Gordon Campbell | Parliament TV | Parliament Today | News Video | Crime | Employers | Housing | Immigration | Legal | Local Govt. | Maori | Welfare | Unions | Youth | Search

 


TPPA Gains: $1.7 Billion, $3 Billion – Pick A Number...

5 December 2012
For immediate release
TPPA Gains: $1.7 Billion, $3 Billion – Pick A Number, Any Number ….

“The government seems to be plucking figures out of the air in a rather desperate attempt to claim that the Trans-Pacific Partnership will deliver concrete economic benefits to New Zealand, and justify trade offs that will have serious fiscal and social consequences”, says Professor Jane Kelsey who monitors the negotiations.

Not long ago, Trade Minister Tim Groser said: “Let me put down a marker: I ‘look forward’ with a certain weary sense to the inevitable attempts to ‘model’ the gains from TPP in some econometric model. I am a deep sceptic here.”

Likewise, Wikileaks exposed former lead trade negotiator Mark Sinclair’s view, expressed to a US official, of “a public perception that getting into the US will be an ‘El Dorado’ for New Zealand's commercial sector. However, the reality is different.’”

“Now the government is on the back foot in trying to sell the TPPA, we are seeing the return of that hyperbole”, Jane Kelsey said.

Yesterday the Prime Minister defended the proposed TPPA, saying “forecasts suggest the gains for New Zealand could be as high as 1.4 per cent of GDP, roughly $US2.9 billion ($NZ3.5b).” There is no indication of the source of this projection.

Presumably it was the East-West Centre’s econometric study from October 2011. The study assumed that all 21 APEC countries joined a regional wide agreement in which they largely removed their existing export restrictions, while it ignored any fiscal, economic, social or environmental downsides. New Zealand was mentioned in a single line of two tables and several passing references.

The NZIER’s carefully worded review of the report’s application to New Zealand in May 2012 noted these shortcomings of GCE modeling exercises, concluding that it provided “a good sense of the potential macroeconomic impacts of TPP if the agreement developed along the lines as assumed in the study.”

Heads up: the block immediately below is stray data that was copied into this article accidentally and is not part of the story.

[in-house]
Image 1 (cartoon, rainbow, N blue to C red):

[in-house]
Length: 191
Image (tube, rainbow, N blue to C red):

“But that study projected ‘welfare gains’ of US$1.7 billion. It is not clear how this has grown to $3 billion”, Jane Kelsey observed.

“When you are Prime Minister, maybe you assume that you can pluck figures out of the air. But there is a serious onus on the government to provide a robust costbenefit analysis based on various real world scenarios, which can inform debate about whether the TPP will genuinely foster economic growth and jobs, including the impact on future innovation, and fully cost the trade-offs the government is contemplating in return”.

ENDS

© Scoop Media

 
 
 
 
 
Parliament Headlines | Politics Headlines | Regional Headlines

Gordon Campbell:
On Tomorrow’s Speeches By John Key And
Andrew Little

The Key government has already kicked off the political year on a stridently ideological note, with Environment Minister Nick Smith choosing to lay all manner of sins at the door of the Resource Management Act.

Tomorrow, the government will wheeling out its best salesman – Prime Minister John Key – to sell its plans for state housing, which happens to be another of the government’s most contentious, most ideologically-driven policy packages. Presumably, Key will be trying not to double down on the rhetoric, and thereby leave room for Labour leader Andrew Little to sound like the centrist voice of reason.

Key will have his work cut out, though. More>>

 

Transport: Auckland Looks To Light Rail

The Board of Auckland Transport has called for an investigation into a light rail network, which could relieve traffic congestion on some of the region’s busiest roads. This stems from work in 2012 (the City Centre Future Access study) which responded to a government request to develop a robust and achievable solution for access to the CBD. More>>

ALSO:

RMA: Smith's Claims Don't Match Evidence - Greens

The Motu group’s research into the impacts of planning rules looked at the costs related to housing development but not the benefits of environmental protections and does not recommend significant changes to the RMA to reduce the cost of new house builds. More>>

ALSO:

Gordon Campbell: On The Similarities Between John Key And David Cameron

For years now, David Cameron has been the closest available thing to a mentor/analogue to our Prime Minister, such that Key watchers could be interested in an analysis of Cameron that appeared in the British press over the Christmas break. More>>

Gordon Campbell: On Ian Fletcher Resignation & GCSB’s New Role

It may well be that after being shoulder-tapped in Queensland for the GCSB job, three years of living in Wellington has been enough for Fletcher and his family, given that the pending review of the GCSB would have required an even longer commitment from him. Three years of Wellington’s weather is enough for anyone... More>>

ALSO:

Ian Apperley: $10m Or $100m For New Wellington Council IT System?

I feel a Tui Billboard coming on. I commented the other day that it looked like the Council’s Ninth big project was a potential $100 million plus... The Mayor has responded: “I am reassured by the Chief Executive and by Anthony Wilson that the proposed budget is in the region of $10 million.” More>>

ALSO:

Southern Ocean:
Navy Intercepts Illegal Fishing Vessels

Foreign Minister Murray McCully today put illegal fishing vessels operating in the Southern Ocean on notice and vowed to take action against their owners. “As part of a multi-agency operation, the HMNZS WELLINGTON has intercepted two vessels claiming to be flagged to Equatorial Guinea, fishing illegally in the Southern Ocean.” Mr McCully says. More>>

ALSO:

Get More From Scoop

 

LATEST HEADLINES

 
 
 
 
 
 
 
 
Politics
Search Scoop  
 
 
Powered by Vodafone
NZ independent news